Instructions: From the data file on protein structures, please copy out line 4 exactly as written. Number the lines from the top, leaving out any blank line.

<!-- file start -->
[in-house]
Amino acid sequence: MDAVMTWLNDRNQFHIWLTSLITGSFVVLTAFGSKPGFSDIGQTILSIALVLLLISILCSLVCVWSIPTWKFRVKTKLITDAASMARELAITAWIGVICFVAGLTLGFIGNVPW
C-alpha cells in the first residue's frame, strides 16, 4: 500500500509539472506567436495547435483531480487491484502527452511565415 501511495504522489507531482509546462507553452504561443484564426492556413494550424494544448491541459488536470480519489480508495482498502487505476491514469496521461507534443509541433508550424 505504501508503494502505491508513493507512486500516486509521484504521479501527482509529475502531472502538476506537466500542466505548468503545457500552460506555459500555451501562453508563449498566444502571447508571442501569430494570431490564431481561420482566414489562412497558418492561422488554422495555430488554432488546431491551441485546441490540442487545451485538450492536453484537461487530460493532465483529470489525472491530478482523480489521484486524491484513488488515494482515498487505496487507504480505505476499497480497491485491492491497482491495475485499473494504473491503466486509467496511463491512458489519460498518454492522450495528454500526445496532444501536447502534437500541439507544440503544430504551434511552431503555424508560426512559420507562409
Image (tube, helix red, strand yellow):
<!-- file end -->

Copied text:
Image (tube, helix red, strand yellow):